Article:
(RxWiki News) It's not all in your head — stress really does make a difference when it comes to the headaches or migraines that you might experience.
At least, that's what a recent study found when tracking individuals for two years.
The more stress the participants reported experiencing, the more often they experienced tension-type headaches and/or migraines.
The findings mean that those who are already prone to headaches may need additional help in learning to manage stress.
"Ask your doctor for stress management tips."
This study, led by Sara H. Schramm, MD, of the University Hospital of University Duisburg-Essen in Germany, looked at whether individuals' stress influences how often they have headaches or migraines.
The researchers screened 5,159 participants, aged 21 to 71, who were involved in the German Headache Consortium Study from 2010 to 2012.
The participants were given questionnaires about their stress on a scale of 0 to 100, the frequency of headaches and the types of headaches they experienced.
They also answered questions about their sex, use of pain medications, drinking, smoking, education and weight so that these factors could be taken into account in the analysis.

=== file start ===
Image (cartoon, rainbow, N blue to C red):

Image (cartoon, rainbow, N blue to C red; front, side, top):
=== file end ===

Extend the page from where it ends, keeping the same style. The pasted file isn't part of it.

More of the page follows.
About a third (31 percent) of the participants reported experiencing tension-type headaches. They experienced them at an average rate of 2.2 days per month, and their stress scores were an average of 52.
Meanwhile, 11 percent reported having migraines that existed along with a tension-type headache, occurring an average 3.6 days per month. They had an average of 59 on the stress scale.
Another 17 percent of the participants experienced other types of headaches that were not classified as a particular kind.
When the researchers compared the participants' stress scores to their responses about headaches, a pattern appeared. The more intense the stress was that participants experienced, the more they had headaches of any kind.
Those with tension-type headaches, in particular, experienced a 6 percent increase in the frequency of their headaches for every 10 points higher they rated their stress.
For those with migraines or with migraines and tension-type headaches, their headaches increased 4 percent per month for every 10 points on their stress scale.
The researchers therefore concluded that there was, in fact, a link between stress and how often individuals experienced headaches.
"Our findings are of importance for stress management approaches in headache patients," these researchers wrote.
This study will be presented at the American Academy of Neurology's 66th Annual Meeting in Philadelphia in the spring.
The research was funded by the German Federal Ministry of Education and Research. No conflicts of interest were noted.
This study has not yet been published in a peer-reviewed journal, so its findings should be considered preliminary.